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‘Financing agric not as risky’, creditors urged to reduce transaction costs


African, including Zambian lenders have been urged to explore blended finance to help de-risk agricultural transactions.

This will reduce transaction costs and attract private financing by improving the risk-return ratios, according to the global experts during a panel session at the second international summit on food production in Dakar.

The discussions come in the wake of supply chain disruptions as a result of Covid-19 pandemic, the war in Ukraine, rising inflation, high commodity prices that have led to increased food and nutrition insecurity.

Trade and Development Bank head Admassu Tadesse said in statement on Monday that financing agriculture was not as risky as was often perceived.

Tadesse noted that the agri-Small and Medium Enterprises (SMEs) biggest sources of financing were local commercial banks.

He expressed concern that commercial banks preferred to invest in larger, more mature enterprises such as established aggregators and local processors who commanded regional or national market.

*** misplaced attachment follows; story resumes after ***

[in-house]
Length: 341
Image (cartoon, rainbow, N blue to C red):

“It depends on which part of the cycle. We focus on the tail end, where is there is low risk,” Tadesse said.

Read more: Zambia to benefit from African Development Bank programme targeting women in agric

And Wagner Albuquerque de Almeida, Global Director for Manufacturing, Agribusiness and Services at the International Finance Corporation (IFC) said: “A key challenge of the sector is the understanding of the risks…We need blended finance for things that are riskier to be done.”

Panelists also noted that food value chains in Africa are currently not set up to maximise the potential of our food system.

This growing realization has jolted players in Africa’s agricultural sector to seek practical solutions to restore the continent’s food security.

There is vast potential for establishing production and trade links, as well as synergies between different actors along the entire agribusiness value chain: producers, processors and exporters.

“All the elements need to come together. You need to have an ‘airbag’ if things go wrong,” said Heike Harmgart, Managing Director for the Southern & Eastern Mediterranean, European Bank for Reconstruction and Development.

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